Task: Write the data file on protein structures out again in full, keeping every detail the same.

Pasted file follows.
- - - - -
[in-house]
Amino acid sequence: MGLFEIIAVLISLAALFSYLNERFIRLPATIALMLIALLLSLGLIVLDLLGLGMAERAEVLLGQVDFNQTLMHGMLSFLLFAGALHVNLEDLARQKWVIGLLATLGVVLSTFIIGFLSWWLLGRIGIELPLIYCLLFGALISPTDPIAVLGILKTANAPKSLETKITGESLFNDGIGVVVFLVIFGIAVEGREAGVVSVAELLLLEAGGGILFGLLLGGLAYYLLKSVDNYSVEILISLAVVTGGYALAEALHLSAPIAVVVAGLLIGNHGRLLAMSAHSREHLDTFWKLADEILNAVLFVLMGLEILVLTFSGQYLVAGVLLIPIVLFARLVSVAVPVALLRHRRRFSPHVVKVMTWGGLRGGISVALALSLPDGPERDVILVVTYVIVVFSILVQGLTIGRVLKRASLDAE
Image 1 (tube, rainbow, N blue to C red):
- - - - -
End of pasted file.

[in-house]
Amino acid sequence: MGLFEIIAVLISLAALFSYLNERFIRLPATIALMLIALLLSLGLIVLDLLGLGMAERAEVLLGQVDFNQTLMHGMLSFLLFAGALHVNLEDLARQKWVIGLLATLGVVLSTFIIGFLSWWLLGRIGIELPLIYCLLFGALISPTDPIAVLGILKTANAPKSLETKITGESLFNDGIGVVVFLVIFGIAVEGREAGVVSVAELLLLEAGGGILFGLLLGGLAYYLLKSVDNYSVEILISLAVVTGGYALAEALHLSAPIAVVVAGLLIGNHGRLLAMSAHSREHLDTFWKLADEILNAVLFVLMGLEILVLTFSGQYLVAGVLLIPIVLFARLVSVAVPVALLRHRRRFSPHVVKVMTWGGLRGGISVALALSLPDGPERDVILVVTYVIVVFSILVQGLTIGRVLKRASLDAE
Image 1 (tube, rainbow, N blue to C red):